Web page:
THE TRANSATLANTIC MAGAZINE
Sign up to The American magazine's newsletters (below) to receive more regular news, articles and updates on America in the UK.
'Isn't that the one where Daniel Radcliffe got his kit off – the play that became famous because of that a few years ago?' a colleague asks, just before I head off to see the current run of Peter Shaffer's 1973 drama about a disturbed adolescent and the potentially disturbed psychiatrist treating him.
'Mmmm sort of...' is my response.
And to tell the truth, before seeing this current production at Trafalgar Studios, I hadn't remembered much from the last version I had seen (at university) except obscurities and nudity, which is what a lot of people remember about this play.
But it is so much more and transcends being the vehicle Daniel Radcliffe used to get past Harry Potter. It is a taut series of exchanges, exceedingly well written with an exceedingly well judged verbal economy, pulling at a young mind to get at the route of a traumatic and horrifying episode and the factors that influence and seem to leave the adolescent character in question no choice but to commit that violent and defining act.
The buildup for the audience is precise and enveloping. Georgia Lowe's sparse set design pares back an environment in which we get two psyches laid bare, that of Alan Strang, the disturbed adolescent, played with an expertly constrained yet ferocious energy by Ethan Kai, and Martin Dysart, the child psychologist who reluctantly agrees to treat him.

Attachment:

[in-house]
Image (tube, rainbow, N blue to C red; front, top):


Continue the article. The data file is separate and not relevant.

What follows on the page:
All credit to director Ned Bennett's decision to use as few props as possible. Instead he relies on Shelley Maxwell's brilliant choreography and a cast of incredibly talented performers to contort themselves physically into seemingly impossible poses as they effortlessly gallop and canter through the darkest chapters of Strang's childhood in Dysart's attempt to navigate to a root cause of his bizarre, equine-focused obsession. The way in which movement is orchestrated onstage balletically illustrates the intense and tumultuous conflict between a young boy's fire-and-brimstone-believing mother and his austere and repressed but devoutly Marxist father which comes to a crescendo at the end of both acts in the richest, most colorful and most haunting of ways.
Zubin Varla's performance as Dysart is simply magnificent. So incredibly well measured and controlled as to allow us, intimately and slowly, into the mind of a character, frustrated by the mundanity of life, and recognising and even becoming enamoured with anything that transcends that mundanity, including a young boy's neurotic fixation with horses. It is a study in our sophomoric attitudes towards psychology and children in society and Varla expertly articulates what is more and more Dysart's inner turmoil and by association, a conflict that plays out in all our heads even after the curtain falls, with nuance and powerful physical tension.
Like Saki's Sredni Vashtar, a tale in which a young boy, in response to an oppressive carer, sets up a religion that ends up being unsettlingly destructive, this play is a riveting tale of obsession, the dark power of imagination, and a lament for the lack of it.
Equus is challenging and unmissable. Which is probably why Radcliffe chose it as a vehicle to help him get past Harry Potter.